IMPACT OF MAGMATISM ON PETROLEUM SYSTEMS IN THE SVERDRUP BASIN, CANADIAN ARCTIC ISLANDS, NUNAVUT: A NUMERICAL MODELLING STUDY

JOURNAL OF PETROLEUM GEOLOGY, Issue 3 2007
S.F. Jones
Numerical modelling is used to investigate for the first time the interactions between a petroleum system and sill intrusion in the NE Sverdrup Basin, Canadian Arctic Archipelago. Although hydrocarbonexploration has been successful in the western Sverdrup Basin, the results in the NE part of thebasin have been disappointing, despite the presence of suitable Mesozoic source rocks, migrationpaths and structural/stratigraphic traps, many involving evaporites. This was explained by (i) theformation of structural traps during basin inversion in the Eocene, after the main phase ofhydrocarbon generation, and/or (ii) the presence of evaporite diapirs locally modifying the geothermalgradient, leading to thermal overmaturity of hydrocarbons. This study is the first attempt at modellingthe intrusion of Cretaceous sills in the east-central Sverdrup Basin, and to investigate how theymay have affected the petroleum system. A one-dimensional numerical model, constructed using PetroMod9.0, investigates the effectsof rifting and magmatic events on the thermal history and on petroleum generation at the DepotPoint L-24 well, eastern Axel Heiberg Island (7923,40,N, 8544,22,W). The thermal history isconstrained by vitrinite reflectance and fission-track data, and by the tectonic history. The simulationidentifies the time intervals during which hydrocarbons were generated, and illustrates the interplaybetween hydrocarbon production and igneous activity at the time of sill intrusion during the EarlyCretaceous. The comparison of the petroleum and magmatic systems in the context of previouslyproposed models of basin evolution and renewed tectonism was an essential step in the interpretationof the results from the Depot Point L-24 well. The model results show that an episode of minor renewed rifting and widespread sill intrusionin the Early Cretaceous occurred after hydrocarbon generation ceased at about 220 Ma in theHare Fiord and Van Hauen Formations. We conclude that the generation potential of these deeperformations in the eastern Sverdrup Basin was not likely to have been affected by the intrusion ofmafic sills during the Early Cretaceous. However, the model suggests that in shallower sourcerocks such as the Blaa Mountain Formation, rapid generation of natural gas occurred at 125 Ma, contemporaneous with tectonic rejuvenation and sill intrusion in the east-central Sverdrup Basin. A sensitivity study shows that the emplacement of sills increased the hydrocarbon generation ratesin the Blaa Mountain Formation, and facilitated the production of gas rather than oil. [source]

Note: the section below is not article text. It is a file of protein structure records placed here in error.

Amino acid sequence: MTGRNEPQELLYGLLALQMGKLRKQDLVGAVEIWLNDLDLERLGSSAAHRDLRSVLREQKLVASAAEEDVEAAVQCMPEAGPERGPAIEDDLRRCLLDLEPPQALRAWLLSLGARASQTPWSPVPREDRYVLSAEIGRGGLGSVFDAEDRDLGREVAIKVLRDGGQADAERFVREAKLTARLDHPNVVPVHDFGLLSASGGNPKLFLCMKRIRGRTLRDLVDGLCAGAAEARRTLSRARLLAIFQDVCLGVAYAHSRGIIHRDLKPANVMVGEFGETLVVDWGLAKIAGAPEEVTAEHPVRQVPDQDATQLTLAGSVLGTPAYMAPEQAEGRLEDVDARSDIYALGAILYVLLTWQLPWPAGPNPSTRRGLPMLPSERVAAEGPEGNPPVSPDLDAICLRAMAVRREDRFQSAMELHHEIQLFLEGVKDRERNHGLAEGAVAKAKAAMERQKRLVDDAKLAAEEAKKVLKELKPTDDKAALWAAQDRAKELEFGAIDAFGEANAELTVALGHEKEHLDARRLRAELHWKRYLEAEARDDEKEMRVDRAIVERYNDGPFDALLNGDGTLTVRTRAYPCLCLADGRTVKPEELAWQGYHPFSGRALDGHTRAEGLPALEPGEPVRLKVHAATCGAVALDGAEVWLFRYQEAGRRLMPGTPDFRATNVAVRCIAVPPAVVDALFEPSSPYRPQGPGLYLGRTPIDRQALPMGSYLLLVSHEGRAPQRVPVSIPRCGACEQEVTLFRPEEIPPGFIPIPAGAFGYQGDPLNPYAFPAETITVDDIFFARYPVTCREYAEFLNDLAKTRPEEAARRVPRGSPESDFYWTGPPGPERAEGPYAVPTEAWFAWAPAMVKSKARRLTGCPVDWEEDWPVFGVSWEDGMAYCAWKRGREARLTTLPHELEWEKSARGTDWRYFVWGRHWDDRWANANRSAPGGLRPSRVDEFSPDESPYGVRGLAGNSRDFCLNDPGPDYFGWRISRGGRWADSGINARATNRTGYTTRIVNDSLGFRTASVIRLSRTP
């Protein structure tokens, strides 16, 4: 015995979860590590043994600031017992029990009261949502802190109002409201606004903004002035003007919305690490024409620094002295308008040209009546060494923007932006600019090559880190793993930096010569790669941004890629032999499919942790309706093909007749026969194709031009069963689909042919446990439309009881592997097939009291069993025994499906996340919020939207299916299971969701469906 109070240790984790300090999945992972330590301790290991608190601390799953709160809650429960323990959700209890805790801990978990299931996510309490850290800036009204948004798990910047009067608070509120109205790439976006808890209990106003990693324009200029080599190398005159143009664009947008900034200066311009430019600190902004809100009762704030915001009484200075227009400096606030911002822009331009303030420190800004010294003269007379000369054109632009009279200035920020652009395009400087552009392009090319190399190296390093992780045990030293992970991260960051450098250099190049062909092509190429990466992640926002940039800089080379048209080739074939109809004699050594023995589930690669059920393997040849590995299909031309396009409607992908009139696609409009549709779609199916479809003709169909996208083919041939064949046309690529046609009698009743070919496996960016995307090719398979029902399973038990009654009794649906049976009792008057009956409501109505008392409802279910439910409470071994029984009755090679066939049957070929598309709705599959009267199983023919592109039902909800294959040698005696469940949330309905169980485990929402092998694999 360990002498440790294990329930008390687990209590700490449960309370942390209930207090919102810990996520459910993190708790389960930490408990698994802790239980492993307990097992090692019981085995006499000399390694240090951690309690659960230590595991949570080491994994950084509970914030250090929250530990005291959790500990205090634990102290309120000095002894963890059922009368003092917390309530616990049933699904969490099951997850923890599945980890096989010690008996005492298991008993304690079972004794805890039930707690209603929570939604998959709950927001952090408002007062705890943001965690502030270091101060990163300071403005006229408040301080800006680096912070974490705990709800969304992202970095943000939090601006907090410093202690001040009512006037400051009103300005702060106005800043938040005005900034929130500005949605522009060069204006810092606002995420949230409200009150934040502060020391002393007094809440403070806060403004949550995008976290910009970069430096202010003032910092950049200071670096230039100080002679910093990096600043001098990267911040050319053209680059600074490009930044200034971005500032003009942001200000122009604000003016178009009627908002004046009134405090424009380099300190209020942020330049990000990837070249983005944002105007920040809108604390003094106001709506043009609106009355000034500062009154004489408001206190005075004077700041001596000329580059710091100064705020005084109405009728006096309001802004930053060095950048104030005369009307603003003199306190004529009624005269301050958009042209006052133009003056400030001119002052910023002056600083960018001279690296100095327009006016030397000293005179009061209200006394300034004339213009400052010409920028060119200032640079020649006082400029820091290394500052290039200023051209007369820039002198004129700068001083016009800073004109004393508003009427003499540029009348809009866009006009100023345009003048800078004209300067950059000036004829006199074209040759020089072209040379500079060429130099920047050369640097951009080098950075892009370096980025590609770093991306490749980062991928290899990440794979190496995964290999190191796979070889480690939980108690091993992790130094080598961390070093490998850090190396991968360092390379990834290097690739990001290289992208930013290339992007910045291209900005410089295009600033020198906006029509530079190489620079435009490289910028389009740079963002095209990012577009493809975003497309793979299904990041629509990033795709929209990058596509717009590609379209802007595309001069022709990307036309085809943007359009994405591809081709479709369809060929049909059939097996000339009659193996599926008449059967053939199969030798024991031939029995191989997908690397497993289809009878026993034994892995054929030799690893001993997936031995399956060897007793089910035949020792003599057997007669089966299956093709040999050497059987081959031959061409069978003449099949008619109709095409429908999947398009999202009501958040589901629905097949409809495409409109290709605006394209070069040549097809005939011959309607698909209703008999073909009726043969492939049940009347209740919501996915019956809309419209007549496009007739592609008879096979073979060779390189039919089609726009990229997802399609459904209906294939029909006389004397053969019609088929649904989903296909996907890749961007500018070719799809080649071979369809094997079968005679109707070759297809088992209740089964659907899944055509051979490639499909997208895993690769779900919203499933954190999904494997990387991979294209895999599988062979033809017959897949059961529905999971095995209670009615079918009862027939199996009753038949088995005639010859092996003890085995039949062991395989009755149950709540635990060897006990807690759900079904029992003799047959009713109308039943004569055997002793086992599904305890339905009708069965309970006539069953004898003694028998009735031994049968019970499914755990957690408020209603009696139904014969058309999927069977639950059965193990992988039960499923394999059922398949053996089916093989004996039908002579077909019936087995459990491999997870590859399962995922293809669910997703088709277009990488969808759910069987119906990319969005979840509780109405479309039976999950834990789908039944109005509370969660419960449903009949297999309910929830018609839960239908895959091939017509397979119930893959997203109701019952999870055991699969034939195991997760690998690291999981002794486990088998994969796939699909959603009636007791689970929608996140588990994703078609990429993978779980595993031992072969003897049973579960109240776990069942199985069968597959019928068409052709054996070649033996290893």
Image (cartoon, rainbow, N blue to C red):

The structural evolution of the English Channel area

JOURNAL OF QUATERNARY SCIENCE, Issue 3-4 2003
J. L. Lagarde
Abstract The structural evolution of the English Channel area is controlled by structure and particularly by the pre-existing Cadomian and Variscan crustal discontinuities, which have been reactivated repeatedly in post-Variscan times. They controlled the crustal subsidence that produced basin development in the Mesozoic, prior to the sea-floor spreading in the North Atlantic region. They were then reactivated during the Cenozoic compression and basin inversion. The English Channel development is ascribed to mid-Tertiary differential uplift (Oligocene to Miocene). During late Tertiary to Quaternary times the Channel displays characteristics of a tectonically controlled fluvial basin periodically invaded by the sea. At the lithospheric scale, the Channel can be considered as an active intraplate area influenced by the NW,SE ,Alpine push', the NW,SE ,Atlantic ridge push' and glacial rebound stresses. Copyright 2003 John Wiley & Sons, Ltd. [source]